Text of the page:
King County is laying the groundwork to solve its own transit funding problems in the event that the legislature fails to devise a “balanced” transportation package. Under its Plan B option, the county could avoid cataclysmic cuts in King County Metro bus service by creating a Transportation Benefit District and raising its own revenue. Read more.
Sightline | Housing
The Stranger | Transportation
Portland Mercury | Race
The Seattle Times | Health
NPR | Transportation
Investigate West | Pollution
Grist | Climate
Sound Progress | Economy
The Stranger | Politics
Fast Company | Transportation
Sightline is releasing a new report today—Who Pays for Parking?—documenting the hidden parking subsidies that raise the cost of housing in greater Seattle. In a nutshell, the study finds that “cheap” parking really means expensive rents—which means that parking reform is a high priority for boosting housing affordability. Read on for details…
Imagine, just for a moment, that you live in an apartment building that offers a special lunch deal. Every morning the landlords put out … read more »
To inform debate over coal exports and oil shipments, Sightline is analyzing public at-grade rail crossings from Sandpoint, Idaho to Cherry Point, Washington.
If fossil fuel companies succeed in shipping the volumes of fuel they have planned, they will—by sheer physical necessity—disrupt vehicle and rail traffic all along the rail route. In our final chapter of the series, we examine the effects in Skagit and Whatcom Counties.
Coal and oil trains—loaded in the interior of North America and bound for the coast—would close off streets for hours each day. read more »
“Your blog on junk mail . . . reminded me of the stickers I saw on postboxes in Amsterdam last year. . . . Here is one example.
Almost all postboxes have these stickers, from what I saw while we spent a few days there. I was fascinated.
Just in time for the Arctic Blast, here is a group of Siberian percussionists playing blocks of ice and making jaw-droppingly beautiful music.
#BlackFridayParking was the crowd-sourced social-media highlight of the week. A project of our friends at Strong Towns, it set out to vividly illustrate just how preposterously excessive parking quotas are—by photographing empty parking lots at shopping areas on Black Friday. The theory of parking quotas is that they’re set to accommodate the consumer hordes on the busiest days of the year, as I detailed in Park, Raving Mad. So, for example, Black Friday. But guess what, they overshoot. Thanks to Strong Towns, you can see the insanity in full color: scores of photos of unused parking on the one day it’s supposed to be full. Go here and scroll down to the slide show.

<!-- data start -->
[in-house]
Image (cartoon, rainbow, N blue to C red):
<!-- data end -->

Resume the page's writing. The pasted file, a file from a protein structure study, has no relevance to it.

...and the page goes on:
NPR‘s Planet Money took a stunning, multimedia look at what it takes to make a t-shirt, from the cotton to the outsourced labor to the shipping and more. Definitely worth a watch, especially as we get into the holiday season and perhaps take a moment to consider the production lines of all the various gifts we give and receive.
This isn’t the first time this has made the rounds, but it still fascinates me…a time lapse depiction of every nuclear explosion between 1945 and 1998. Fast forward to about 1961 to see the fireworks. It’s easy to forget how profoundly the atomic bomb shaped the American psyche in those years; I still recall the debilitating mix of panic and powerlessness I’d feel in bed at night, thinking about a school air raid drill earlier in the day. The only way to get over it was to go into denial, and just think about something else…a reaction that reminds me an awful lot of how we react today to the specter of global climate change. read more »